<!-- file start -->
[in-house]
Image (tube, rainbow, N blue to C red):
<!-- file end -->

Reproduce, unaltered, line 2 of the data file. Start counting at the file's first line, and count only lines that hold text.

Image (tube, rainbow, N blue to C red):